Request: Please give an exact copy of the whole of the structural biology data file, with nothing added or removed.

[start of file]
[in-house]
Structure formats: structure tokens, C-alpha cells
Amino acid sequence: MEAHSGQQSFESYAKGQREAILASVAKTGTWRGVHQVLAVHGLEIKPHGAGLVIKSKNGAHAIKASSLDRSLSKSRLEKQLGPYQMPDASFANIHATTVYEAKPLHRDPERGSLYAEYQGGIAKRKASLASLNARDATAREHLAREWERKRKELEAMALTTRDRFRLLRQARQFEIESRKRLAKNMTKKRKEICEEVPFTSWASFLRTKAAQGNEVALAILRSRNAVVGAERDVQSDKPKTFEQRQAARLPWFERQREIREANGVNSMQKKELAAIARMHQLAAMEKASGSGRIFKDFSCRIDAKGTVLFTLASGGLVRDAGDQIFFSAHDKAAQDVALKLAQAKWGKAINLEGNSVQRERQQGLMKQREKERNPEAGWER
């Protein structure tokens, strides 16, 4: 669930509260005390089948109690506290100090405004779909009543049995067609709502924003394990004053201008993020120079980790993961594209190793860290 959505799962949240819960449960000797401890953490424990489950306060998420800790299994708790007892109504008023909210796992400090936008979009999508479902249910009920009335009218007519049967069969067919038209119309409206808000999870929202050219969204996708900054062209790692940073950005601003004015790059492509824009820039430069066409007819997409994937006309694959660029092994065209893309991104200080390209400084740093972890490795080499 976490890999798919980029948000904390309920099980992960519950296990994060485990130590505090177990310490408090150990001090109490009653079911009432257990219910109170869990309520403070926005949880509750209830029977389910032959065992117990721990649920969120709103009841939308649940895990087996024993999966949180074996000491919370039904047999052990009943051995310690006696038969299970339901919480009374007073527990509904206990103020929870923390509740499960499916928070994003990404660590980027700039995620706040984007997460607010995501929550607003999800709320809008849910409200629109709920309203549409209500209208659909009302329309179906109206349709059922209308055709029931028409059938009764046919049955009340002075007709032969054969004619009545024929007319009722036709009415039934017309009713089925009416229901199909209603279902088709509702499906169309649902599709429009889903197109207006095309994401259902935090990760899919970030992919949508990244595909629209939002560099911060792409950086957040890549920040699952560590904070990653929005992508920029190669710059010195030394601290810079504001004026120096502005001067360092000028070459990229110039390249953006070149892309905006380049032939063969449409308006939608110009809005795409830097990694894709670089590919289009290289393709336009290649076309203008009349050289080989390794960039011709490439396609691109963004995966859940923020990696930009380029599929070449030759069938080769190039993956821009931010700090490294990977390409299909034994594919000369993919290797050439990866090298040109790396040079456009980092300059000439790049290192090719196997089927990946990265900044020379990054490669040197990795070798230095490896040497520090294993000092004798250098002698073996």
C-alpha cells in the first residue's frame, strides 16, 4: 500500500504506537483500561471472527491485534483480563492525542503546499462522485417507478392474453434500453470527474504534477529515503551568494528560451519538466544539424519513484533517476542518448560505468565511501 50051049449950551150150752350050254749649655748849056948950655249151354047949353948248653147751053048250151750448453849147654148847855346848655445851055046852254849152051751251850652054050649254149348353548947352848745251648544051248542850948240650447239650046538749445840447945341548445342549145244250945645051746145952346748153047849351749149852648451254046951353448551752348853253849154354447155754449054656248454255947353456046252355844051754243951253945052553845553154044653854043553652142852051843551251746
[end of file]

[in-house]
Structure formats: structure tokens, C-alpha cells
Amino acid sequence: MEAHSGQQSFESYAKGQREAILASVAKTGTWRGVHQVLAVHGLEIKPHGAGLVIKSKNGAHAIKASSLDRSLSKSRLEKQLGPYQMPDASFANIHATTVYEAKPLHRDPERGSLYAEYQGGIAKRKASLASLNARDATAREHLAREWERKRKELEAMALTTRDRFRLLRQARQFEIESRKRLAKNMTKKRKEICEEVPFTSWASFLRTKAAQGNEVALAILRSRNAVVGAERDVQSDKPKTFEQRQAARLPWFERQREIREANGVNSMQKKELAAIARMHQLAAMEKASGSGRIFKDFSCRIDAKGTVLFTLASGGLVRDAGDQIFFSAHDKAAQDVALKLAQAKWGKAINLEGNSVQRERQQGLMKQREKERNPEAGWER
């Protein structure tokens, strides 16, 4: 669930509260005390089948109690506290100090405004779909009543049995067609709502924003394990004053201008993020120079980790993961594209190793860290 959505799962949240819960449960000797401890953490424990489950306060998420800790299994708790007892109504008023909210796992400090936008979009999508479902249910009920009335009218007519049967069969067919038209119309409206808000999870929202050219969204996708900054062209790692940073950005601003004015790059492509824009820039430069066409007819997409994937006309694959660029092994065209893309991104200080390209400084740093972890490795080499 976490890999798919980029948000904390309920099980992960519950296990994060485990130590505090177990310490408090150990001090109490009653079911009432257990219910109170869990309520403070926005949880509750209830029977389910032959065992117990721990649920969120709103009841939308649940895990087996024993999966949180074996000491919370039904047999052990009943051995310690006696038969299970339901919480009374007073527990509904206990103020929870923390509740499960499916928070994003990404660590980027700039995620706040984007997460607010995501929550607003999800709320809008849910409200629109709920309203549409209500209208659909009302329309179906109206349709059922209308055709029931028409059938009764046919049955009340002075007709032969054969004619009545024929007319009722036709009415039934017309009713089925009416229901199909209603279902088709509702499906169309649902599709429009889903197109207006095309994401259902935090990760899919970030992919949508990244595909629209939002560099911060792409950086957040890549920040699952560590904070990653929005992508920029190669710059010195030394601290810079504001004026120096502005001067360092000028070459990229110039390249953006070149892309905006380049032939063969449409308006939608110009809005795409830097990694894709670089590919289009290289393709336009290649076309203008009349050289080989390794960039011709490439396609691109963004995966859940923020990696930009380029599929070449030759069938080769190039993956821009931010700090490294990977390409299909034994594919000369993919290797050439990866090298040109790396040079456009980092300059000439790049290192090719196997089927990946990265900044020379990054490669040197990795070798230095490896040497520090294993000092004798250098002698073996």
C-alpha cells in the first residue's frame, strides 16, 4: 500500500504506537483500561471472527491485534483480563492525542503546499462522485417507478392474453434500453470527474504534477529515503551568494528560451519538466544539424519513484533517476542518448560505468565511501 50051049449950551150150752350050254749649655748849056948950655249151354047949353948248653147751053048250151750448453849147654148847855346848655445851055046852254849152051751251850652054050649254149348353548947352848745251648544051248542850948240650447239650046538749445840447945341548445342549145244250945645051746145952346748153047849351749149852648451254046951353448551752348853253849154354447155754449054656248454255947353456046252355844051754243951253945052553845553154044653854043553652142852051843551251746